Any time, dear Belinda! There are lots more where that came from! :-)

F'rinstance, what is the pillar and foundation of the truth? (Hint: 1 Timothy 3:15.)

Belinda said...

I concede that you're right and I'm wrong--about resisting institurional authority.

All authority, according to Romans 13:1-6, is instituted by God--although this is referring to secular authority. Imperfection is a given--since it is carried out by human beings.

We do need to honour the authorities that are over us--and the Church universal has safeguarded the truth of scripture and doctrine with the blood of the martyrs over the centuries.

I believe that I can honour the authority of the Church and I do, and resist a particular "label."

Thoughts? :)

The Sheepcat said...

Well, first of all, bless you for conceding the point about institutional authority. :-)

Now, it seems to me that there's something about "resisting labels" that needs to be unpacked. The anti-label sentiment you express is one I've often heard, and it most often strikes me as ultimately relativist or indifferentist. What is that truth of scripture and doctrine that you acknowledge has been safeguarded by the Church universal over the centuries? Is it possessed in equal measure by the Baptists and the Methodists and Reverend Bill's Gospel Hour Tabernacle of Divine Light?

Wouldn't it be wonderful if we could know the truth without admixture of error? Despite human weakness, is God wise and powerful enough to actually make that possible?

Ponder these things, my friend! :-)

Belinda said...

Dear Alan,
I believe that the truth is revealed in God's Word through the Holy Spirit and is there for all to see.

But I also believe that we need accountability and for the revelation of truth we receive to be tested by others to avoid error, which is where the body of the church comes in. Some of our conversations might fall under that category.

As for whether truth is possessed in equal measure by all of the denominations you mentioned, I would say that probably yes, more or less,it is, with the caveat that the measure is imperfect in all.

I'm a subscriber to Christian History and Biography magazine and find it interesting to read about various moves of God throughout history--but there is always a human element that distorts the perfect reflection of Christ's image, in any church. I don't expect to find perfection anywhere but in Christ.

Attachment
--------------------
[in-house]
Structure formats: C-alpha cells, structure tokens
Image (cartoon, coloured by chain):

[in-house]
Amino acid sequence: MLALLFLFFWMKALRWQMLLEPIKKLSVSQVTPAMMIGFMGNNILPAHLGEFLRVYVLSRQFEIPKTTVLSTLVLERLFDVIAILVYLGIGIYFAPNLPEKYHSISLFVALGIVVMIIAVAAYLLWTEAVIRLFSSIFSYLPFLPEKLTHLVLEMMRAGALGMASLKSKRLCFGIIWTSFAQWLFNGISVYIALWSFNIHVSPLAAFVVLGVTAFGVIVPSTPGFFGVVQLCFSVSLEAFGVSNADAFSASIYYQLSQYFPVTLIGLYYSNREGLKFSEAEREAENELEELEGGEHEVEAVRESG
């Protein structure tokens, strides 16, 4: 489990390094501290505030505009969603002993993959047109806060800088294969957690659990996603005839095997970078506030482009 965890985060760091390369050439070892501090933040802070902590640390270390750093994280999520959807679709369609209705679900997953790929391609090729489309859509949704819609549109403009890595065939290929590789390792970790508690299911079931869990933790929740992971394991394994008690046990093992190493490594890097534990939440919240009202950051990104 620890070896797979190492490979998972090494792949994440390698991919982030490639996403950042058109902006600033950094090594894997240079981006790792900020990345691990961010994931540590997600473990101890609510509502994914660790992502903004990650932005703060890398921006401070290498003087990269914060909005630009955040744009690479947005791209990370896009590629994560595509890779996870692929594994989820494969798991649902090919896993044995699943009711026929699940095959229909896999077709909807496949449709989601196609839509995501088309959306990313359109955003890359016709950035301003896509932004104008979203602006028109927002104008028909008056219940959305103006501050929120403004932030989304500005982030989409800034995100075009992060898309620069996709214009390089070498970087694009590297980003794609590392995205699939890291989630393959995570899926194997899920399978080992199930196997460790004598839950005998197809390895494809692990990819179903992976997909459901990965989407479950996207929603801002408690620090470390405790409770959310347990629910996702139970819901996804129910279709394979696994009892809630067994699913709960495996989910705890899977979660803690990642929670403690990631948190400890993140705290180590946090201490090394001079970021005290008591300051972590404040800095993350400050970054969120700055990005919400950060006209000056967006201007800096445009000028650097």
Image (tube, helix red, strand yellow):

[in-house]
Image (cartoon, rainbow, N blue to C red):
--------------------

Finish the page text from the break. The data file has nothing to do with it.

God has chosen to work through weak human vessels. He uses his power in the influence of the Holy Spirit but man's cooperation is part of the equation.

Well this is my take on it anyway!

The Sheepcat said...

I've been pondering your comments, Belinda, and I think there is much we agree on. In particular, I too don't expect to find perfection anywhere but in Christ; the difference is that I believe in the mystical unity of Christ with the Catholic Church. Joan of Arc said at her trial, "About Jesus Christ and the Church, I simply know they're just one thing, and we shouldn't complicate the matter." (This is not to deny the "elements of sanctification and of truth" found outside the visible confines of the Catholic Church.)

If you're saying the truth found in scripture is plainly visible, this is an appealing idea in many ways, and obviously true in some cases, but unsupportable as a general principle. For if it were so, how could generations of sincere Christians have failed to reach consensus as to whether Christ becomes physically present in the consecrated elements of the Eucharist (see Luke 22; John 6), or whether salvation, once gained, can ever be lost (see, for example, 1 Cor 9:27; 1 Cor 10:12; 1 Tim 4:1; 2 Pet 2:20-22)? I read these passages and find the meaning plain, yes, but many others, following the teachings of various Protestant denominations, do not see the same thing. Or if the truth of the Triune nature of God were obvious from scripture, how could it have taken several centuries for the Nicene Creed to be formulated?

You and I are agreed that flawed and sinful human beings distort the reflection of Christ's image in the Church in many of its actions. But consider: God inspired sinful men to write the books of Scripture, which we surely agree "must be acknowledged as teaching solidly, faithfully and without error that truth which God wanted put into sacred writings for the sake of salvation" (Dei Verbum, 11). So could the Holy Spirit not accomplish the protection of the whole of the doctrine of the Church from error? In other words, I'd like to press you to have another go at answering the last two questions in my previous comment.